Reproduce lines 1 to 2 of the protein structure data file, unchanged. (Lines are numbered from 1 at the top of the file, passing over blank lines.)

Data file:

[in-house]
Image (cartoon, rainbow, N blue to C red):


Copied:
[in-house]
Image (cartoon, rainbow, N blue to C red):